There are a few things you need to think about when joining us in celebration. Going to Pride means entering an LGBTQ+ space as a guest. And that’s something that should be done with careful consideration. If you want to be a better straight ally at Pride, here are some pointers to keep in mind to make sure you’re celebrating responsibly.
Learn the history. The Stonewall riots were started by trans women of colour in the summer of 1969. Margate Pride might look like an all-day party, but be sure to raise a glass to people like Marsha P. Johnson who fought for our right to live and love.
Don’t be judgy – The straight couple you see? Not necessarily straight. Margate Pride isn’t just for gay boys and girls; it’s for anyone under the LGBTQ+ umbrella. If you aren’t down with the whole rainbow, this is not for you.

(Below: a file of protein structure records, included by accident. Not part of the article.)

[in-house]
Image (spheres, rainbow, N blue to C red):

Mind your language. There are words that we the LGBTQ+ community can use that you cannot. Just because we call ourselves homo, queer, dyke, in the safety of our community, do not assume that permits you to do the same.
Only take photos with permission. Just because someone is at Pride, doesn’t mean that they’re out. If you’re going to party with the queers, make sure you keep us safe and for the love-of-Madonna, ask before you pose with a drag queen.
Recognise your privilege. You’re entering Pride with a lot of privilege, at a time when threats of homophobia and transphobia towards our community are still rife. Joining us in celebration means joining us in the struggle — and that doesn’t just happen on a single day. An ally who comes to Pride should be an ally that shows up for the community every day. Straight For Equality have a fantastic introduction package: “Guide to Being a Straight Ally”